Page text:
We next evaluated whether the reduction in MVD by bevacizumab correlated with a change in functional tumor perfusion using in vivo contrast-enhanced ultrasound (CEUS) imaging, which uses gas-filled microbubbles to noninvasively monitor changes in blood flow and volume within tumors following therapy (Fig. 4; ref. 30). Tumors from mice treated with vehicle or bevacizumab alone showed decreased tumor blood volume and flow rate over the course of two weeks of therapy. In contrast, tumors from mice treated with CRLX101 monotherapy showed greatly improved perfusion, whereas perfusion in tumors treated with the combination remained unchanged. Parametric maps showing regions of high, low, or no perfusion confirm that tumors from mice treated with CRLX101 had smaller necrotic cores compared with vehicle and bevacizumab treatment. In the combination group, while a less perfused core was present, the surrounding “viable rim” remained well perfused. Similarly, CEUS imaging of PDX tumors showed CRLX101 maintained higher tumor perfusion and reduced tumor hypoxia, also confirmed by pimonidazole staining (Supplementary Fig. S4).
In addition to measuring perfusion using CEUS, photoacoustic imaging was used to measure oxygen saturation (Fig. 4; ref. 30). Short laser pulses are directed at the tumor, generating thermoelastic expansion to create acoustic waves detected by an ultrasound transducer. Different absorption spectra of deoxygenated and oxygenated hemoglobin are then used to noninvasively estimate the spatial distribution of oxygen saturation in vivo (30). Consistent with CEUS data showing improved perfusion in CRLX101-treated tumors, these tumors had relatively higher tissue oxygenation levels compared with vehicle- and bevacizumab-treated tumors (Fig. 4C).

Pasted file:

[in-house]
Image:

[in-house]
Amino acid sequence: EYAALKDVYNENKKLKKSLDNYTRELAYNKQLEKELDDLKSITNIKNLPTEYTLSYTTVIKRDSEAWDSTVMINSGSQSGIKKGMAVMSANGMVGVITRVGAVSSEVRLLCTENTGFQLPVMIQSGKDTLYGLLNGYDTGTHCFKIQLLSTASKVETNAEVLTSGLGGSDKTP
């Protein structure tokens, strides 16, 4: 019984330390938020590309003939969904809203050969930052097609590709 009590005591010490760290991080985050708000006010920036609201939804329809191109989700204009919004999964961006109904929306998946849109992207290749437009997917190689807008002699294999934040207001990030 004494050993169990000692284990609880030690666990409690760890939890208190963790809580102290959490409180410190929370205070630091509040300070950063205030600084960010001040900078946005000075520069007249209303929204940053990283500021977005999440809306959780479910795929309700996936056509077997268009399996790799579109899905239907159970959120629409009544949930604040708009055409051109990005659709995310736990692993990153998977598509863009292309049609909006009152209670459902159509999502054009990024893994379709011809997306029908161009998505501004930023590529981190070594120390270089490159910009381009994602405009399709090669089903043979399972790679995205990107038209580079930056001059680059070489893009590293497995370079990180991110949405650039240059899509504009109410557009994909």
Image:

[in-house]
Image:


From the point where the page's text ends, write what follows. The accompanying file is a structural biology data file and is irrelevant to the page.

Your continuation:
Improved perfusion with CRLX101 treatment suggests a more functional tumor vasculature, as results from Fig. 3A show CRLX101 does not result in an increase in the number of vessels. Tumor cells rapidly growing within a confined space causes compression (or “solid stress”) of tumoral blood vessels (31, 32). One possible explanation for the overall improved perfusion following CRLX101 is the drug causes extensive tumor cell apoptosis, which may then relieve compression of tumor blood vessels. To assess whether this may be the case, we evaluated whether CRLX101 resulted in more vessels with an open lumen, which would allow better blood flow within the tumor (Fig. 4D). Indeed, we observed that CRLX101 monotherapy resulted in a higher proportion of tumor blood vessels with open lumen compared with both vehicle and bevacizumab treatment. It is worth noting that in tumors treated with the drug combination, overall number of tumor vessels was reduced, but more of the remaining vessels had open lumens. These results were similarly confirmed in PDX tumors (Supplementary Fig. S5).
To obtain confirmation that CRLX101 relieves compression of tumor blood vessels by killing tumor cells, we evaluated whether tumor cell-packing density, that is, the number of cells found within a given area, changed following therapy (Fig. 5A). Although the average number of cells present within an imaged field was similar between vehicle- and bevacizumab-treated tumors, all doses of CRLX101 caused a significant reduction in cell-packing density. Fewer tumor cells densely packed within a tumor thus may result in fewer compressed tumor blood vessels and hence improved perfusion and oxygenation.
Paradoxically, a more functional vasculature could result in a higher degree of tumor cell dissemination and metastasis to distant organs, such as the lungs. We therefore analyzed lungs from mice still bearing primary tumors for the presence of micrometastases or tumor cells that previously shed from the primary tumor and seeded in the lungs (Fig. 5B). Mice treated with bevacizumab monotherapy showed more micrometastases that were also larger in cluster size than those present in vehicle-treated mice. This is consistent with some previous preclinical reports that antiangiogenic agents used as monotherapies may cause an increase in metastasis and promote disease progression in mice despite an initial antitumor effect (33, 34). In stark contrast, mice treated with CRLX101 (particularly at higher doses) either showed no micrometastases or only singly dispersed tumor cells within the lungs, even when combined with bevacizumab. CRLX101 was therefore able to counteract potential prometastatic effects of bevacizumab. This effect is similar to published data where paclitaxel counteracted the proinvasive and prometastatic effects of DC101, the VEGFR-2 antibody (20), and metronomic topotecan reduced metastatic spread elicited by sunitinib (35).
CRLX101 in a postsurgical metastatic breast cancer model shrinks existing metastases and prevents the emergence of new metastases